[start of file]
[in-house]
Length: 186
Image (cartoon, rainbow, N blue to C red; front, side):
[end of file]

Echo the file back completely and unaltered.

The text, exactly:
[in-house]
Length: 186
Image (cartoon, rainbow, N blue to C red; front, side):